UnitedHealthcare and Cigna's prior authorization cuts are steps in the right direction, but the American Medical Association is "careful not to confuse positive developments with major progress," the organization's immediate past president Jack Resneck, MD, said.
"Prior authorization remains a major obstacle to timely and necessary care for our patients and an overwhelming burden to physicians," Dr. Resneck said in a Sept. 18 article on AMA's website.
UnitedHealthcare on Sept. 1 started the first wave of its previously announced plan to cut prior authorizations by 20 percent. Cigna said in late August that it removed prior authorization requirements for more than 600 medical procedures, cutting the number of prior authorizations it requires by 25 percent.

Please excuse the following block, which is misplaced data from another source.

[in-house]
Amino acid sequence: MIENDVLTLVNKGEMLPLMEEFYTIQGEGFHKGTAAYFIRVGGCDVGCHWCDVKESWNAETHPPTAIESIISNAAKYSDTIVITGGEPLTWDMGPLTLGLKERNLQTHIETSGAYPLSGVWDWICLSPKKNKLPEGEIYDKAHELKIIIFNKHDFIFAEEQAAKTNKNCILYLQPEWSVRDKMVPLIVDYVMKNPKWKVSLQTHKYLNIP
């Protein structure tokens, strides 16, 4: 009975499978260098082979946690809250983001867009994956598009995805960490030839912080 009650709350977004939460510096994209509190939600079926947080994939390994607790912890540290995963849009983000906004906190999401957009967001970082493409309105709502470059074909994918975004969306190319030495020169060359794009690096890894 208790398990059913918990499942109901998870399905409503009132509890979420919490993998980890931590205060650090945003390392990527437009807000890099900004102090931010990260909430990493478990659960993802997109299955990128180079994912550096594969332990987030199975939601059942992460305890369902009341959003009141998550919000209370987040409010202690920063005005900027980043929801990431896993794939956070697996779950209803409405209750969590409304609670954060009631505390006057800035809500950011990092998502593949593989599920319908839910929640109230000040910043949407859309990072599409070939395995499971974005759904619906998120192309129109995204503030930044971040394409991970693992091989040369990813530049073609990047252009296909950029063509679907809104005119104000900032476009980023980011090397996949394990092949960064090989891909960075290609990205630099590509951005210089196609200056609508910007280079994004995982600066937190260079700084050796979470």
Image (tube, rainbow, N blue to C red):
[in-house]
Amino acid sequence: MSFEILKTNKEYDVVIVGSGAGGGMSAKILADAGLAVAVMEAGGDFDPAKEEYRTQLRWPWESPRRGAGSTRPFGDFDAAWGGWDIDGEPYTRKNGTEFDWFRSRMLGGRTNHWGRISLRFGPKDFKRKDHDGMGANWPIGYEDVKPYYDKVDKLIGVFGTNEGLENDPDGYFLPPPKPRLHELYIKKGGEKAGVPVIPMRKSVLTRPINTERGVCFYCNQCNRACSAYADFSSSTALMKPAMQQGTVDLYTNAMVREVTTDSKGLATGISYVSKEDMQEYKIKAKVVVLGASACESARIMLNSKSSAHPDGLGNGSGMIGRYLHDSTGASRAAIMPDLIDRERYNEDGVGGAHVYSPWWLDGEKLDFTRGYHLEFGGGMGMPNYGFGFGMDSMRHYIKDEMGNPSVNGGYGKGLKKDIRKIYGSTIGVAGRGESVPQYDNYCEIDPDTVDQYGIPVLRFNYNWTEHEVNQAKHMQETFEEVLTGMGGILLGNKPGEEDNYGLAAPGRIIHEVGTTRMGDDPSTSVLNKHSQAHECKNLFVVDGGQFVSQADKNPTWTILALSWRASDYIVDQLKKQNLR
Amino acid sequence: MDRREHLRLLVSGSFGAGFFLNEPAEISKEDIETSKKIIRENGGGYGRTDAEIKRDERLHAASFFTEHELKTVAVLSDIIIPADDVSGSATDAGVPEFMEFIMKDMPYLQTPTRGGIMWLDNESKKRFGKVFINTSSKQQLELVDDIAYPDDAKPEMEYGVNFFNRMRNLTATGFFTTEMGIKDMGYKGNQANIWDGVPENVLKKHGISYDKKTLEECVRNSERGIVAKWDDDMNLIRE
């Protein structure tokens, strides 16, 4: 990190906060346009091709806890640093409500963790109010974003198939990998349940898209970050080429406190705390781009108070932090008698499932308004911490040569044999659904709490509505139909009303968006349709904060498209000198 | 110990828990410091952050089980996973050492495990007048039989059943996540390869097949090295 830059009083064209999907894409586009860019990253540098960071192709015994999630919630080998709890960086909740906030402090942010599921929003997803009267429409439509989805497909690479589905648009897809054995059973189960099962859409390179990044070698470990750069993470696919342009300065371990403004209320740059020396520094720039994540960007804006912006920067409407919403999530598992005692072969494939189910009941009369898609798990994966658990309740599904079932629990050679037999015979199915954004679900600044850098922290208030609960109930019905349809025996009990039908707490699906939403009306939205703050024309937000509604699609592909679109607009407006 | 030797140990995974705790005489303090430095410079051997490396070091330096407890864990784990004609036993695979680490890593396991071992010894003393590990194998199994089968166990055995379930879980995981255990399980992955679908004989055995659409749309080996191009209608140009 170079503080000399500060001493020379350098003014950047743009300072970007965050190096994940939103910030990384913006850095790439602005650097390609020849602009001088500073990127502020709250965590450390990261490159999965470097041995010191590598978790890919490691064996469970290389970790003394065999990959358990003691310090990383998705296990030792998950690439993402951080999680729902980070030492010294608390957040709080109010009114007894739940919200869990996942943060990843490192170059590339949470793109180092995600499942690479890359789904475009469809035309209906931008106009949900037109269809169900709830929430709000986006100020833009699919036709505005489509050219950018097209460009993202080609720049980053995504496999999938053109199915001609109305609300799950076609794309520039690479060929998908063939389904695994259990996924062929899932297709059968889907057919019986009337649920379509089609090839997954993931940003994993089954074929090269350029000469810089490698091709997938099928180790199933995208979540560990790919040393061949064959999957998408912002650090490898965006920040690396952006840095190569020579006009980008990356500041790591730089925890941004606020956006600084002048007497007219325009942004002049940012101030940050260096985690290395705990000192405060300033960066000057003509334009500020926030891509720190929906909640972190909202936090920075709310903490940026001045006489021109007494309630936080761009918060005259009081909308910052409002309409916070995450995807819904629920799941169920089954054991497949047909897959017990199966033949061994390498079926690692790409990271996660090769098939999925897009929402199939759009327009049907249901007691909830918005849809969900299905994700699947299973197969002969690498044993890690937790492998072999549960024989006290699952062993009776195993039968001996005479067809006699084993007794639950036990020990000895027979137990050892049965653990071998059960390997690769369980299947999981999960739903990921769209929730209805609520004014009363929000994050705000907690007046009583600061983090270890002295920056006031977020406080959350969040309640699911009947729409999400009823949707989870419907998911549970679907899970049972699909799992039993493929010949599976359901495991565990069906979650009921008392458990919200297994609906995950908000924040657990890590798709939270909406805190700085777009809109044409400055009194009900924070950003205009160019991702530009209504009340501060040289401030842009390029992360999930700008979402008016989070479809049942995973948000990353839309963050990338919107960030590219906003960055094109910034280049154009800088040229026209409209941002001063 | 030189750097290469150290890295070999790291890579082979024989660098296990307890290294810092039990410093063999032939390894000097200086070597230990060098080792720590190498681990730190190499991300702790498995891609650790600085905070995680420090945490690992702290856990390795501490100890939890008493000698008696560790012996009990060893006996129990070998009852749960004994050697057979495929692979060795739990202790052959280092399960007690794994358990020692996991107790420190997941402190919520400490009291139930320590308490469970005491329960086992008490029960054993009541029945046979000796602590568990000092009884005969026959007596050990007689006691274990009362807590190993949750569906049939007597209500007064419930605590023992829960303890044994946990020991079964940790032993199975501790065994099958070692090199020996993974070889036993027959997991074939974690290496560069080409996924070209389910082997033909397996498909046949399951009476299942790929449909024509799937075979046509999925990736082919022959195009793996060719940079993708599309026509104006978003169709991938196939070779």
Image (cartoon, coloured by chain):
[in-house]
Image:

While the AMA said it is cautiously optimistic that the changes will lead to reduced burdens, the changes come only after years of "apathetic or ineffectual follow-through by health insurers on mutually accepted prior authorization reforms, with many other insurers failing to make the agreed upon changes."
The AMA expressed skepticism toward UnitedHealthcare's recent implementation of an advance-notification program for nonscreening gastroenterology endoscopies. The program was put in place after UnitedHealthcare backed off of a new prior authorization policy set to take effect June 1 following pushback from GI Societies and other medical organizations.
"While the program only requests that physicians submit supporting documentation to the insurer and does not result in medical necessity denials, it still increases administrative hassles for practices," the AMA said in the article. "Moreover, UHC will be using the data from this program to determine eligibility for its gold-carding program in 2024 — suggesting that these endoscopy services may be added to the insurer’s prior authorization list."